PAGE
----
Comparison of pleural N-terminal pro-B-type natriuretic peptide, midregion pro-atrial natriuretic peptide and mid-region pro-adrenomedullin for the diagnosis of pleural effusions associated with cardiac failure.Respirology. 2013 Apr; 18(3):540-5.R
BACKGROUND AND OBJECTIVE
The purpose of this study was to compare the diagnostic utility of pleural fluid N-terminal pro-B-type natriuretic peptide (NT-proBNP), midregion pro-atrial natriuretic peptide (MR-proANP) and midregion pro-adrenomedullin (MR-proADM) for discriminating heart failure (HF)-associated effusions.
NT-proBNP, MR-proANP and MR-proADM were measured by commercially available methodologies in the pleural fluid of a retrospective cohort of 185 consecutive patients with pleural effusions, of whom 95 had acute decompensated HF. Receiver-operating characteristic and area under the curve (AUC) analyses allowed comparisons of the discriminative properties of these biomarkers to be made at their optimal cut-off points.
The diagnostic accuracy of NT-proBNP and MR-proANP for HF as quantified by the AUC was 0.935 and 0.918, respectively, whereas MR-proADM was of limited value (AUC = 0.62). A pleural fluid MR-proANP >260 pmol/L or NT-proBNP >1700 pg/mL argues for HF (likelihood ratio (LR) positive >5), while levels below these cut-off values significantly decrease the probability of having the disease (respective LR negative 0.19 and 0.10). The optimal cut-off points for natriuretic peptides were influenced by age, renal function and body mass index. Finally, both NT-proBNP and the albumin gradient correctly identified more than 80% of those cardiac effusions misclassified as exudates by standard criteria.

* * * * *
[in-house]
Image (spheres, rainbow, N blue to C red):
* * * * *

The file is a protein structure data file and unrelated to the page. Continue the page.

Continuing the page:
MR-proANP is as valuable a diagnostic tool as NT-proBNP for diagnosing or excluding HF as the cause of pleural effusion.